2. Chuck Berry-Run Rudolph Run: Berry is God, and this is a great, funny song. There have been other good versions but Chuck's is the best.

3. Jethro Tull-Christmas Song: Back in the dim distant days of 1970, when Tull was interesting, Ian Anderson wrote this caustic little ditty about mankind's hypocrisy at the holiday season. Heavy-handed lyrically, but gorgeous melodically-full of pennywhistles and mandolins. This one's found on the 1972 odds-and-sods collection Living In The Past.

4. Beach Boys-Little Saint Nick: Christmas is about, in a lot of ways, dumb goofy fun and nobody did dumb goofy fun better than the Boys. Catchy, well sung as always, and it always cracks me up when they come in with that lunkheaded "Christmas comes this time each year" chorus. Well, Duh!

5. Roy Wood's Wizzard-I Wish It Could Be Christmas Every Day: Done at a time when Wood was interested in recreating the 50s a la Phil Spector and Del Shannon, this is really catchy and fun. Recorded in 1973, I understand that this is a jukebox staple over in Britain, but of course it was never released over here in the colonies so I didnt get to hear it until 1999. This one's found, on CD, on the Wizzard Singles A's & B's compilation.

6. Billy Squier-Christmas Is The Time To Say I Love You: Yeah, yeah, I know. 90% of what this preening 80s hair metal guitar guy did was crap (although I will admit to liking a lot of the "Stroke" album), but this is lots of things his normal music wasn't: fun, clever, and catchy. I turn it up whenever I hear it on the radio, and a lot of my friends (who wouldn't touch a Squier album with a ten foot pole) do too. How can you not like a lyric like "From rooftop to chimney, from Harlem to Bimini"?

7. Run-DMC-Christmas in Hollis: This is the choice many put on these lists to look hip. Maybe I'm doing that too, but this is sure a lot of fun and I remember looking forward to seeing the video on TV.

8. Mojo Nixon and the Toadliquors-It's Christmas Time: Out of many contenders on that Horny Holidays album I seem to write about so much, I think this is the best. Sounds like Rufus Thomas or Sam & Dave after three bottles of tequila.

9. Alvin & The Chipmunks-The Christmas Song: I don't know, maybe it's because I latched on to this at the ripe old age of four (when the cartoon show was actually current), but this evokes early 60s to me as much as any Rat Pack movie or Beatles song. It's got such a drop-dead gorgeous melody that it's easy to ignore that it's being sung by people on speeded up tape. That part where they sing "...we can hardly stand the wait" gives me shivers.

10. Dean Martin-Baby It's Cold Outside: Speaking of the Rat Pack, here's ol' Dino. I love many of his smooth seasonal songs like Let It Snow and Winter Wonderland, but this duet's the most fun track on his Making Spirits Bright compilation. I also saw Red Skelton sing this to Esther Williams in a 40s movie on TCM. Here, Dean pitches woo to a reluctant, but ultimately convinced young lady.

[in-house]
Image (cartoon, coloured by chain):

11. Emmylou Harris-Silent Night: One of the best tracks from her elegant, stately Light of the Stable album. It has a lovely acoustic guitar solo. I hate to go this time of year without hearing it at least once. Know that the "Stable" album has been rereleased with a dull looking new cover.

12. Cyndi Lauper-Feels Like Christmas: Not a Christmas song per se, although it appears on her outstanding 1998 holiday album Merry Christmas...Have A Nice Life as well as its predecessor, 1996's Hat Full of Stars. Rocking and catchy, there's a feeling of true love and joy in its lyrics and addictive melody. And its got that Hooterphone (you know, that small accordian device the Hooters used in their heyday. Don't know what its proper name is.), in it, too.

13. John Lennon & Yoko Ono-Happy Xmas (War Is Over): Well, first of all it's a Beatle song, OK? And it has a great melody, and nice choir vocals (always a plus with me). And the 45 was on green vinyl! I really hate the terrible cover versions that have come in its wake, especially the overwrought Melissa Etheridge rendition.

14. Wild Man Fischer (with Dr. Demento)-I'm a Christmas Tree: Heard this one on a Rhino compilation once, and giggled like a idiot the rest of the evening. It's just basically Fischer and the Doctor chanting "I'm a christmas tree, I'm a christmas tree, people like to hang...ornaments on me" and so on, accompanied by sleigh bells. Fischer is, if I recall correctly, a LA eccentric who once got Frank Zappa to record his man-on-the-street rantings, like Tom Green and many others afterwards. You may hear this and wonder why I think it's so damn funny, but like I said before it's my list. So there.

15. George Harrison-Be Here Now: This droning trancelike hymn from the Living In The Material World album tests some people's patience, but as a result of getting the Living album around Christmas 1973, I associate this song with the season and specifically putting up the tree at my folks' house, back when I actually liked to do that sort of thing.

Well, there ya go. This is all I can think of for now. I will eventually attach links to most of these so you can check them out if you've got nothing better to do.

Secular music today: Victoria Williams-Loose, David Bowie-Scary Monsters (and Super Creeps), Lloyd Cole-Love Story.

Finally finished my humongous haul from Wednesday. And so, without further ado-age, "What I bought and what I thought".

Ranked in order of preference, with letter grades at the end a la good ol' Bob Christgau.